DADE CITY — Why do developers keep building the same big-box stores with huge parking lots in Pasco while putting up nicer ones in other communities?
Because they can, county planners say.
"There are two answers we hear over and over again," senior planner Richard Dutter said. "One, (Pasco officials) 'do not expect it' and two, 'they do not require it.' This has been going on for 30 years, and I think it's time we change."
County staff took a first step toward that change at a workshop Tuesday. Under the watchful eye of land-use attorneys, they presented a plan to county commissioners that showed how to make the most of the county's most densely populated areas, the State Road 54/56 and U.S. 19 corridors.
Both are the county's top areas for urban development and mass transit. Planning and Development director Richard Gehring recommends concentrating development in those areas to prevent sprawl.
The populations in those areas are expected to soar over the next several decades. With that comes the need to maximize space for businesses, decrease dependency on auto travel and create walkable areas for people to live, work, shop and play.
It's a future that also includes higher-rise buildings.
But that comes later, Gehring said. The key now is getting the framework in place so that areas can evolve, "so you don't have to rip the whole thing out and start over."
One example cited as an "opportunity lost" was the southwest corner of SR 54 and the Suncoast Parkway. Now the site of a Super Target, a strip center and several restaurants that front the highway, it's an example of traditional suburban development. Gehring said a more urban plan would have included parking lots on the side or behind buildings, and stores that face away from the main highway, which create more of a Main Street effect.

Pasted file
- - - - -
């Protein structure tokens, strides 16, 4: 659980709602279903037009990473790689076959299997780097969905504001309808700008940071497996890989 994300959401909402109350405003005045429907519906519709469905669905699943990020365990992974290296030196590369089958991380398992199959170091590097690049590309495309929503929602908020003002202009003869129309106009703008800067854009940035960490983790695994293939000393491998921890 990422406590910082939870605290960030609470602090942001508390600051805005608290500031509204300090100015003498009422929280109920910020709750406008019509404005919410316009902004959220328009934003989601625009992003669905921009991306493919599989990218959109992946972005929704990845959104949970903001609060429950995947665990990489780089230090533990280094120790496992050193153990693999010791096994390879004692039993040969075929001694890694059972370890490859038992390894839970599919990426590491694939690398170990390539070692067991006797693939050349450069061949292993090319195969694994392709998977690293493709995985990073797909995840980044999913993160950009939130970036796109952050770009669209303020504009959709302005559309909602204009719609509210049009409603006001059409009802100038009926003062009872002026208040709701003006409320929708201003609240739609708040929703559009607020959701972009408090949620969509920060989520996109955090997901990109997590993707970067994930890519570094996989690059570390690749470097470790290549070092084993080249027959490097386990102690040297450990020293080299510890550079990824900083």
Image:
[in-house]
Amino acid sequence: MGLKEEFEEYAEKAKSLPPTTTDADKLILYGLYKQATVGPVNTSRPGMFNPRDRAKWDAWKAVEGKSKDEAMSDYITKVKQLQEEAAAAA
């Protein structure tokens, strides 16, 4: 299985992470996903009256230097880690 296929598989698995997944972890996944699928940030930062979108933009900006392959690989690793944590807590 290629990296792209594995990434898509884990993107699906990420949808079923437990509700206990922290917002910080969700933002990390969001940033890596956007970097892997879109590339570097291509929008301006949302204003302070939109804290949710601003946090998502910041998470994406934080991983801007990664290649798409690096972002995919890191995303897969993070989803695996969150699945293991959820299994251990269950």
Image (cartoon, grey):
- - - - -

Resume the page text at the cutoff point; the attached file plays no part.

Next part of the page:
A few land-use attorneys expressed concern about rules applying to current projects or those soon to be in the works.
"We're worried this might cause a chilling effect on development we all so want in the urban service areas," attorney Clarke Hobby said. "We don't want to kill the goose that lays the golden egg."
Gehring reassured everyone that stakeholders would be included in drawing up the rules.
"We want a lot of players at many different levels and want them to get together and succeed," he said. "We see this as a big cookie jar with lots of cookies and a big opening."
The presentation comes five years after the county began an overhaul of its land development code based on the recommendation of the Urban Land Institute, a think tank of planners and developers who help revitalize communities.
The group is set to return next week to take another look at the county and determine where it should next focus its efforts.
Lisa Buie can be reached at email@example.com or (813) 909-4604.